By John Lusty – “Innovate or die”. Three years ago, in the global oil & gas industry, this was the dire message communicated from the boardroom to the operating plant as falling commodity prices were hollowing out corporate income statements. The same story echoed through the supply chain as engineering contractors and equipment manufacturers fought for survival – trying to win enough work to remain healthy within a shrinking capital project market while creating greater value from the existing capital asset lifecycle.

The cost-cutting that ensued was ugly, and the job losses were substantial. In parallel, the appetite for innovative ideas sky-rocketed as producers worked to wring out costs and remain profitable at any price. This triggered a new behavior within the traditionally siloed energy industry, for the first-time visionaries started to look to other manufacturing industries for capabilities that could be adapted to their own companies.

What they saw was a shock. Despite years of investing in software and technology, capital asset owners in the energy and process industries still had a long way to go to get full value from their technical information compared to other, more mature, industries. Unlike their business information which, to a greater degree, had been consolidated following two decades of ERP implementations, the technical information supporting their plant assets was still scattered across different locations and incompatible file formats.

To make matters worse, data from multiple projects and facilities used software from a variety of vendors along with their own standards and specifications. Plants that came in through acquisitions and mergers were even more unique. more>

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Updates from ITU

Dark skies, bright future: overcoming Nigeria’s e-waste epidemic
By Eloise Touni – Nigerian law prohibits burning plastic cables, as well as acid leaching and other common methods used by John and his fellow pickers to reclaim valuable metals from discarded electronics. But minimal enforcement and a low awareness of the risks they are running means most pickers continue to regularly expose themselves to toxins that cause respiratory and dermatological problems, eye infections, neurodevelopmental issues, and, ultimately, shorter lives.

While international agreements like the Basel Convention prohibit the import of hazardous waste, unscrupulous importers and a porous customs system mean Nigeria now ranks alongside Ghana as one of the world’s leading destinations for electronic waste. The country receives 71,000 tonnes of used consumer goods through the two main ports in Lagos from the European Union and other more industrialized economies every year.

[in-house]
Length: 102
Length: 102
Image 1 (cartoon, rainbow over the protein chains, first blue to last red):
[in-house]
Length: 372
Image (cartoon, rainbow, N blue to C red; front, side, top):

“Some of the e-waste from abroad is comprised of cathode-ray TVs, which contain lead, as well as refrigerators and air conditioners containing hydrochlorofluorocarbons, making it a threat to those who are dismantling and dealing with the products,” the UN Environment Program’s Eloise Touni says.

Plastic components, including hard casings and cables, also contain persistent organic pollutants used as flame retardants, such as polybrominated diphenyl ethers (PBDE).

These were banned by the Stockholm Convention due to their long-lasting global impacts and are regularly detected in ecosystems and people all over the world, including in Arctic wildernesses and their traditional inhabitants. more>

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Updates from Ciena

Photonic integration and co-packaging: Design tools for footprint optimization in data center networks
As traffic within and between data centers continues to grow, operators need to constrain the resulting increase in power consumption to minimize operational costs. This is driving the need to manage footprint and power at the system design level. Photonic integration and co-packaging are related approaches to addressing area and power challenges for networking applications.

By Patricia Bower – Data center networks have evolved rapidly over the last couple of years, in large part due to the scalability and flexibility supported by today’s compact modular DCI solutions.  System designers leveraged advances in key foundational technologies to pack significant capacity and service density into these products, and their popularity is growing as these solutions capture new market segments.

The same advances have also paved the way for new consumption models for coherent optical technology in the form of footprint-optimized, pluggable solutions. As traffic growth for server interconnect within data centers continues to increase, greater for interconnect between data centers (DCI) will be required.

Scaling of data center traffic to get more bandwidth adds to the power consumption overhead and real estate requirements for operators which adds to capital and operational costs.

With each new generation of switching platform and coherent optical transport systems, designers have met the challenges by increasing throughput density and reducing power/bit. Both intra-DC and DCI traffic flows will increasingly rely on advances in foundational technologies and system design options to mitigate power consumption while maximizing interconnect densities.